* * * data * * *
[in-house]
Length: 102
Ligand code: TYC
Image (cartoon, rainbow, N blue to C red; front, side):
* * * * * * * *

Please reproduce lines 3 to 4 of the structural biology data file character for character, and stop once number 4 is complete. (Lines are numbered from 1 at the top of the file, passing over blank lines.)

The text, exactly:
Ligand code: TYC
Image (cartoon, rainbow, N blue to C red; front, side):